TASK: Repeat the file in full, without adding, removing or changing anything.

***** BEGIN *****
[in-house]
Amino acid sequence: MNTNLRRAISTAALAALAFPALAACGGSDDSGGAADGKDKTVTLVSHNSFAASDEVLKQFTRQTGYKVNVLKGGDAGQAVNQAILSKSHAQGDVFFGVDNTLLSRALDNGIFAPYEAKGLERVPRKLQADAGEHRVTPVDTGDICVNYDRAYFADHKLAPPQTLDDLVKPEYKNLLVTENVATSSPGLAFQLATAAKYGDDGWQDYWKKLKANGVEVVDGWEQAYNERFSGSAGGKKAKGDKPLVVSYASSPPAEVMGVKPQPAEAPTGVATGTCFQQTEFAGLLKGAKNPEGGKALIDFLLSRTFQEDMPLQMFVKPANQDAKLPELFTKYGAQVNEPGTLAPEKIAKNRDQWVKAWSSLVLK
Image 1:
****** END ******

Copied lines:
[in-house]
Amino acid sequence: MNTNLRRAISTAALAALAFPALAACGGSDDSGGAADGKDKTVTLVSHNSFAASDEVLKQFTRQTGYKVNVLKGGDAGQAVNQAILSKSHAQGDVFFGVDNTLLSRALDNGIFAPYEAKGLERVPRKLQADAGEHRVTPVDTGDICVNYDRAYFADHKLAPPQTLDDLVKPEYKNLLVTENVATSSPGLAFQLATAAKYGDDGWQDYWKKLKANGVEVVDGWEQAYNERFSGSAGGKKAKGDKPLVVSYASSPPAEVMGVKPQPAEAPTGVATGTCFQQTEFAGLLKGAKNPEGGKALIDFLLSRTFQEDMPLQMFVKPANQDAKLPELFTKYGAQVNEPGTLAPEKIAKNRDQWVKAWSSLVLK
Image 1: